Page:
Countering Iran's Destabilizing Activities Act of 2017

March 23, 2017
June 15, 2017
Passed in Senate

Among a series of bills introduced around the time of the American Israel Public Affairs Comm.’s (AIPAC) annual conference, this bill would strengthen and expand sanctions on Russia and Iran with respect to the latter’s ballistic missile program, human rights abuses, and acquisition of other specified military equipment.

Regarding Iran, it would require the president to impose new sanctions on Iran’s Revolutionary Guards Corps, affiliated persons, and any person that either contributes to Iran’s ballistic missile or nuclear weapons programs, or the provision of specified military equipment or assistance to Iran. The president would also be authorized to impose sanctions on persons deemed responsible for extrajudicial killings, torture, or other human rights violations in Iran. Under certain conditions, the president would be permitted to waive these sanctions on a case-by-case basis in the name of national security.

In terms of new oversight procedures, the president would be required to report to Congress any information related to U.S. citizens being detained by Iran, U.S. coordination with the EU on sanctions, persons contributing to Iran’s ballistic missiles program, and any use of his abovementioned waiver authority. Furthermore, the State Dept., Treasury, and director of national intelligence would be required to submit to Congress every 2 years a strategy for deterring any Iranian activities that threaten the U.S. or its key allies, including Israel.

During the Senate’s consideration of the bill during the week of 6/12, 33 amendments were offered, including 2 containing the full text of anti-BDS bills S. 720 of 3/23 and S. 170 of 1/17/17. Only the following 4 were adopted:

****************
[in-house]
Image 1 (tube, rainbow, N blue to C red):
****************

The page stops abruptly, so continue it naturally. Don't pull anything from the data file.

S.A. 232, submitted by Mike Crapo (R-ID), 17 cosponsors.

This amendment would codify and strengthen 6 of Pres. Obama’s executive orders imposing sanctions on Russian and Ukrainian cyber activities and impose new congressional oversight procedures to deter the president from suspending or terminating sanctions on Russia, inter alia.

S.A. 255, submitted by Bob Corker (R-TN), no cosponsors.

This amendment altered the bill’s title. It was previously dubbed “Countering Iran's Destabilizing Activities Act of 2017.”

S.A. 250, submitted by Cory Gardner (R-CO), 10 sponsors.

This amendment would make an exception on the new sanctions against Russia for NASA, allowing U.S. missions to space to continue uninterrupted.

S.A. 240, submitted by Lindsey Graham (R-SC), 33 cosponsors.

This amendment conveyed the sense of the Senate that Article 5 of the NATO charter “continues to serve as a critical deterrent to potential hostile nations and terrorist organizations.” Article 5 states the principle of collective defense: “An armed attack against one or more of them in Europe or North America shall be considered an attack against them all.”

After the Senate passed this bill, it got bogged down by procedural delays in the House. Its backers then included the full text of the bill in a new, broader sanctions bill (see *H.R. 3364 of 7/24/17), which passed into law on 8/2/17.

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